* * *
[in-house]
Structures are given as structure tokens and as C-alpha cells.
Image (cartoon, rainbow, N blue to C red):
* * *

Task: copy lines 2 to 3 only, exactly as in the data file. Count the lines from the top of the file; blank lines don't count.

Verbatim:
Structures are given as structure tokens and as C-alpha cells.
Image (cartoon, rainbow, N blue to C red):